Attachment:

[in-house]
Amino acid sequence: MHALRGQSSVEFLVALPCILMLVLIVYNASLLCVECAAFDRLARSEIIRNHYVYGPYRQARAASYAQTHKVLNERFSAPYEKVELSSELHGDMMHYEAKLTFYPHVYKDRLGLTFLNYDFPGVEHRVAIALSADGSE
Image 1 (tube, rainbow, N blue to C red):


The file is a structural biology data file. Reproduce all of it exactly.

[in-house]
Amino acid sequence: MHALRGQSSVEFLVALPCILMLVLIVYNASLLCVECAAFDRLARSEIIRNHYVYGPYRQARAASYAQTHKVLNERFSAPYEKVELSSELHGDMMHYEAKLTFYPHVYKDRLGLTFLNYDFPGVEHRVAIALSADGSE
Image 1 (tube, rainbow, N blue to C red):